Session participants discussed coping and self-care strategies including following a routine, maintaining good daily living habits and staying connected to friends and family as much as possible. Participants expressed mixed feelings about things opening up as more people are vaccinated. Some like the idea of warmer weather allowing outdoor gatherings. Others are wary of a changing pandemic situation, with new variants.

A fluid situation

The pandemic continues to be a fluid situation, as more variants of the COVID-19 virus emerge. While school classrooms have been a major focus, with moves back
and forth to virtual learning as outbreaks pop up, little attention has been paid to prep adaptive sports and what happened to those activities.

Minnesota has one of the oldest and most robust adaptive prep sports programs in the United States. Adapted sports for high school students began in the 1960s and eventually became part of the Minnesota State High School League programs. Divisions are in place for athletes with physical and cognitive disabilities. Athletes compete in soccer, floor hockey, softball and bowling.

The state track and field program also offers events for athletes with disabilities, including wheelchair races and field events.

Tournaments and competition came to an abrupt halt in March 2020 and just started back up this season. Adaptive sports were put on hold, disappointing many athletes, coaches and families. That is especially true for 2020 and 2021 graduates, who missed their final seasons with their teammates and coaches.

Some instead played what were called “practice sea- sons” and had no tournaments. Not everyone returned as some families opted to have their children not take part. Champions were unable to defend their titles.

Adaptive high school sports are back this spring, with the state bowling tournaments in mid-May and the track and field meet in June. Bowlers compete in three categories – physical disabilities, cognitive disabilities and athletes on the autism spectrum.

Bowling is typically a large tournament in the Twin Cities, with schools across the state represented. In 2021, the bowling tournament will be a virtual competition. Athletes will be bowling at their home sites.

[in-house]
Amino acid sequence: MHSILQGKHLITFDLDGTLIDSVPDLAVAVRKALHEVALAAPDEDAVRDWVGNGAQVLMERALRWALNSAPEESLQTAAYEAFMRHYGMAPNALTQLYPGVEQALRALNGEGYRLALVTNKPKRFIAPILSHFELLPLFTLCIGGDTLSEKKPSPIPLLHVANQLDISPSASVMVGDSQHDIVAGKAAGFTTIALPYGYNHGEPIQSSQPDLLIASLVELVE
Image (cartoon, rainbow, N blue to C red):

The track and field tournament, in which events for all athletes are held together, is also a very large event. It is usually held at Hamline University in St. Paul. As the newspaper went to press, no location or setup had been announced.

The Minnesota State High School League has implemented many safety protocols due to the pandemic, such as regular testing for athletes and not allowing teams to compete if an athlete or in some cases an opponent has a positive test.

Those protocols have caused controversy. In the boys’ state hockey tournament, one team had to forfeit due to positive tests. Another team had to field its junior varsity.

But while many young people of all abilities miss sports and competition, one huge red flag is that youth sports tournaments have been some of the bigger “super-spreader” events in the Upper Midwest. In recent weeks state health officials have seen an increases in COVID-19 cases and hospitalizations among young people. Many of those cases are linked directly to youth sports and tournament participation. A huge worry is that youth who test positive and become ill can spread the virus to others who may be more vulnerable to illness.

In late April the Minnesota Senate, Minnesota Department of Health staff and youth sports officials held a session discussing decisions made under COVID-19 policies. Some state lawmakers have complained that more transparency in rules is needed. So has the advocacy group

Let Them Play Minnesota, which has demanded fewer pandemic-related restrictions on youth sports. Let Them Play Minnesota has also disputed the findings of the state health department and has also taken unsuccessful legal action to make changes. A federal court case was thrown out earlier this year.

“We are at another critical point with this virus and we need to take action so that our students can continue with in-person learning and all those other activities that make the school experience a memorable experience,” Minnesota Department of Education Commissioner Heather Mueller told KSTP-TV.

For information on vaccines, disease rates and how to sign up for vaccines, go to www.health.state.mn.us/diseases/coronavirus/